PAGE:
A bitmap index is a popular data structure to speed up the retrieval of matching rows in a table. (It is also used in Information Retrieval, to retrieve matching words.)
Building a bitmap index is not hard. You match each possible value with a vector of bits. When the value occur, you insert the value “true” in the vector, otherwise you insert the value “false”. Hence, you get a set of vectors containing binary values. To find out when a particular value occur, you just load up the corresponding vector of bits. (You still need a B-tree or a hash table to map values of the corresponding vector.) In practice, programming with (compressed) vector of bits leads to much faster software than working of sets of row IDs.
The size of such a matrix is the number of distinct values times the number of rows. Hence, some people conclude that bitmap indexes are mostly good to index data were we have few distinct values. In fact, the first sentence of the bitmap index article on wikipedia tells us that bitmap indexes are meant to index data such as “gender” were only two values are possible.
Of course, this reasoning is wrong. Why?
Because bitmap indexes (the big matrix of zeroes and ones) are never stored uncompressed. You always manipulate them in compressed form.
How big is the compressed matrix? Let us see. By run-length encoding (RLE), the simplest compression algorithm I know, each vector of bits has a compressed size at most proportional to the number of occurrences of the corresponding value. If you sum it up, you have that the compressed size of a bitmap index is at most proportional to the size of your table! Irrespective of the number of distinct values!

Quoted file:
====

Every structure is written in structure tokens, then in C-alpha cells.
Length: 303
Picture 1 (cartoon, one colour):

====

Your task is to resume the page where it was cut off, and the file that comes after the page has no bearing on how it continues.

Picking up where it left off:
For a wide range of decision-support applications, bitmap indexes can match or surpass the performance of most indexes, irrespective of the number of distinct values.
With my very own bitmap index library, I have scaled up to hundreds of millions of attribute values without a problem and tables having several gigabytes of data. And my budget is not comparable to Oracle (I have one developer, me).
I am not saying that bitmap indexes are always the best solution. Of course not! But there is no published evidence that the number of distinct values is a practical criterion.
Then why does the bitmap index article on wikipedia suggests otherwise? Because it is all over the blogosphere and posting boards… because when I tried to fix the wikipedia article, my changes got reverted. So, I post my rebuttal here. If you have practical evidence that bitmap indexes mostly work well when you have 2-3 attribute values, let us see it. Otherwise, help me kill this myth!
Further reading: Daniel Lemire, Owen Kaser, Kamel Aouiche, Sorting improves word-aligned bitmap indexes. Data & Knowledge Engineering 69 (1), pages 3-28, 2010.